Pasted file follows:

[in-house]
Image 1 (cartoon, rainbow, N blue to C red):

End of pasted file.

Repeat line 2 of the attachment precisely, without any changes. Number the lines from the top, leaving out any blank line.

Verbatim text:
Image 1 (cartoon, rainbow, N blue to C red):